“Better access to financial resources, especially to SMEs and startups,” says Watsal Rajbhandari, Co-founder and CEO of Dochaa

Watsal Rajbhandari, 29 is an entrepreneur with nearly 10 years of experience in both social and business enterprises and a drive to establish something impactful, sustainable, and worthwhile. Currently, he is the Co-founder and CEO of Dochaa, an impact driven-for-profit handmade shoes and lifestyle company that infuses the culture, color, and vibe of Nepal in contemporary shoes and accessories manufacturing. He is also the Managing Partner/ Business Development Director at Mirana Global, which provides global trading solutions for customers and businesses through reliable channels to fulfill their business needs. His skill set includes product manufacturing, business development, international trade and business, logistics, and procurement management. Outside of work, he loves traveling, art exhibitions, bike rides, and basketball. He is also an avid podcast listener. 

About Dochaa 

Inspired by the first type of shoe made by the indigenous people in the Indo-Tibetan belt, Dochaa is a Nepali handmade footwear and accessories brand that was launched in 2017. Committed to preserving and promoting the rich heritage and culture of Nepal, Dochaa uses local fabrics to manufacture its products. Dhaka fabric from eastern Nepal, Syama fabric with different colors and linings from Tamang indigenous communities in Nepal and Lawa fabric popular in the Newar indigenous community in Nepal are the materials used to create Dochha shoes. With a vision to be a global brand that promotes fair labor practices, Dochha supports local artisans and craftspeople.

Here’s what Watsal Rajbhandari says about improving the startup ecosystem in Nepal:

1. What do you think is one of the most required policy changes in Nepal from the perspective of promoting the entrepreneurial ecosystem in Nepal?

  •  In terms of policy changes, to foster the entrepreneurial ecosystem within the country there has to be better access to financial resources especially to SMEs and startups. Banking sector should be more lenient in providing loans, subsidies and SEBON should give more licenses to the investment firms which work towards equity financing. Similarly, NRB should work better to regulate and accommodate better debt financing policies. Moreover, the five crore ceiling for foreign investment should be revised to cater to SMEs and startups. Additionally, the investors, be it firms or angel investors should promote investment on potential value rather than the book value at least for the seed round or first round of investment.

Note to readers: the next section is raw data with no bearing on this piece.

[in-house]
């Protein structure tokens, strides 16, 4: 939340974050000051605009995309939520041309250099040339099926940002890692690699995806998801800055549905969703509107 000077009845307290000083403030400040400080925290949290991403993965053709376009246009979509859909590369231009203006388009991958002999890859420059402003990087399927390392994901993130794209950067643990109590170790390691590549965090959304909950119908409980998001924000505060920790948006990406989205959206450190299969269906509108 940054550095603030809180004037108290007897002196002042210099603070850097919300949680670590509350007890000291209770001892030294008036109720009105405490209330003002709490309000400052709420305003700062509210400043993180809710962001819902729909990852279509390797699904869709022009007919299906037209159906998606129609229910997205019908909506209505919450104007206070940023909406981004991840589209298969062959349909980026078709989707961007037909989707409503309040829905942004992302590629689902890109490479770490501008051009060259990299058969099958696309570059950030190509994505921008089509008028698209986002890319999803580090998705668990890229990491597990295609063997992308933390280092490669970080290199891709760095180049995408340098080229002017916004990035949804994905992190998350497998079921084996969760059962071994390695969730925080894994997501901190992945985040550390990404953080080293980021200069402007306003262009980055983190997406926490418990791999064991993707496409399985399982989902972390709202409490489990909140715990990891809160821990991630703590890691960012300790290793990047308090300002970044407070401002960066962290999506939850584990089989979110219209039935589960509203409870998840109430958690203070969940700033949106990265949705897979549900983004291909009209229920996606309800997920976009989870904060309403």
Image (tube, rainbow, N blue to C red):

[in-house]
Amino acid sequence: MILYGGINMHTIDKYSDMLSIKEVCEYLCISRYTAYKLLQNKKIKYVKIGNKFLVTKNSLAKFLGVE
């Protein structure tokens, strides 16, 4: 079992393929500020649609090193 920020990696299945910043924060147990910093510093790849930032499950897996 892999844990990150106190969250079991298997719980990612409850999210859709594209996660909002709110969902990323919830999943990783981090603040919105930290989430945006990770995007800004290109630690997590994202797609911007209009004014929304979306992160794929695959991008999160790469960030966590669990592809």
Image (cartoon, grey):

2. What impact will such policy change yield for the entrepreneurial ecosystem in Nepal? 

  • Better access to finance will benefit the whole economy as SMEs are considered to be the backbone for any economy. This will foster more SMEs, startups and industries. More licenses from SEBON for VC firms directly helps our nascent ecosystem and boosts up efficiency and interest in entrepreneurship resulting in more innovation. Furthermore, by not limiting the minimum FDI of 5 crore, there will be more opportunities for home grown startups and most of the industries will be facilitated. This can result in opportunities for export and consequently, rise in GDP. The entrepreneurs in the rural areas will have better resources from subsidies and government aid. Indirectly, there will be an exposure to the international market, making Nepal a hub for international investment and businesses.

As a part of Global Entrepreneurship Week 2021, Samriddhi Foundation asked Nepali entrepreneurs what they think is the most pressing policy change to promote the entrepreneurial ecosystem in Nepal. In this series, Samriddhi Foundation will feature two entrepreneurs a day through the #GEW2021 week, starting from November 8 to November 14, 2021.